The ABCD Award was given to Rae Long. Debbie Prather was the Sustainer of the Year.

Back to Top2006

The 2005-2006 League year was eventful! We held a number of successful projects, beginning with the playground at the Mini O’Beirne Crisis Nursery, followed by a day at the zoo with the Big Brothers/Big Sisters and ending the year with a Family Fun Run to benefit the Parent Place. The Provisional class were also able to donate 25,000 diapers to the Parent Place for their Provisional project. In addition to these projects, we held our first Kids in the Kitchen event. In May, we sponsored the Medieval Kiddie Cocktail Ball, raising $8000 for the Springfield Children’s Museum. In addition to volunteer hours, we donated $8230 in grants and $1900 in projects.

We held our annual Next-to-New sale in late September. The Kitchen Tour raised over $10,000, and scarf and cookbook sales combined to bring in a revenue of nearly $7500.  It became clear through the year that we need to reevaluate and reinvent our fundraising projects. To that end, a Fundraising Committee was formed to present new ideas.

We activated 22 Provisionals this year. The ABCD award was presented to Barbara Rowe.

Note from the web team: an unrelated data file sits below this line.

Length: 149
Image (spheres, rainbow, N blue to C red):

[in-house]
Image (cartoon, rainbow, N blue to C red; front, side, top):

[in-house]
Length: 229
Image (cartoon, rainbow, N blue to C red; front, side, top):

Back to Top2007

This year, we built around the acronym STARS, standing for: Service to others, Training, Achievements, Responsibility and Strength. We donated over $2,500 in goods to seven non-profit agencies and 240 volunteer hours in DIAD events. We held our second annual Kids in the Kitchen event, and Sustainers co-sponsored the La Cuna project to make shawls for cancer patients. The Provisional class of 13 members raised funds for youth art outreach programs, and the Projects and Grants committee chose Camp Care-a-Lot and the Phoenix Center as the recipients of funding and JLS volunteers.

One of our goals was to increase visibility and we worked toward that goal in a number of ways, from securing a foundation charter membership in the Abraham Lincoln Presidential Library and Museum, distributing press releases for all of our events, and more.

During the League year, our Fundraising council raised over $26,000 through cookbook and scarf sales, the kitchen tour, our Next to New sale and other fundraisers.

Karen Kloppe received the ABCD award, and MaryBeth Farmer was recognized as the Sustainer of the Year.

Back to Top2008

The theme for Junior League for the 2007-2008 League year was “League Love Affair.” We worked to build a League that members could embrace and call their own by focusing on three objectives:

1) Improve membership through increased recruitment and retention efforts